If you have experienced an injury, illness, or surgery, chances are you're hoping for a quick recovery. For some, the only thing needed to ensure the recovery process goes smoothly is to follow the discharge instructions. For others, healing may take longer, requiring more diligence and effort.
While the healing process is sometimes out of your control, there also are many things that you can do to speed up your recovery. Here are some things you can do that should help you recover more quickly.
1. Follow Your Doctor's Instructions
It's tempting for some patients to follow some post-surgical instructions and discard others - particularly those that they think don't apply to them. But there aregood reasons behind even the simplest instructions - such as taking no baths or not driving. Even if you feel much better, your body may still be healing internally.
2. Monitor Your Diet
When you don't feel well, you can be tempted to indulge in your favorite comfort foods. Eating and drinking healthy foods, however, can help you to heal faster. Certain foods may help ease fatigue and improve the recovery process, such as foods that contain protein, vitamin C, vitamin B12, iron, fiber, and probiotics. Other foods, particularly those high in carbohydrates and sugar, cause inflammation and prolong the healing process.
3. Always Attend Follow-Up Appointments
Even if you feel better,it's still important to attend post-op visits with your physician. Your doctor can catch hidden signs that you may not be healing properly and catch potential problems throughout your recovery process.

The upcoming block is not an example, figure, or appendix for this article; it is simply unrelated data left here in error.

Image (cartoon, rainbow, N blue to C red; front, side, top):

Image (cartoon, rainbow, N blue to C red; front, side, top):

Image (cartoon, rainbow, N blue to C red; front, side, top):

4. Take Your Medications
Your physician prescribes medications for a reason. Make sure that you follow the prescription's protocol and don't stop taking medication earlier than instructed. It's especially important to take antibiotics exactly as your doctor instructs you to.
5. Wash Your Hands
Preventing infection is vital to ensuring a safe recovery. Make sure to always wash your hands before touching your incision. Additionally, wash your hands regularly throughout the day to avoid catching a virus or bacterial infection while your immune system is compromised.
6. Monitor Your Incision
With some procedures, you should inspect your incision several times a day. Watch for changes in color, drainage, and whether the stitches and staples are intact.
7. Get Moving
Your physician will likely advise you to walk as soon as you're able following surgery. Walking prevents blood clots, gets the bowels moving, and helps prevent other complications such as deep vein thrombosis and pneumonia. Even a short walk every hour or two decreases the likelihood of post-op health issues.
8. Don't Overdo It
While it's important to get moving as soon as possible during recovery, you also want to be careful not to do too much, too soon. Pushing yourself too hard could cause you to injure yourself or slow your recovery. Overexerting yourself can even lead to falls, which could be detrimental to your health.
Falls are the leading cause of severe injury in older adults. They are particularly dangerous to seniors recovering from a surgery, illness, or previous injury. Download our free Fall Prevention Guide for easy tips to avoid falling in your home.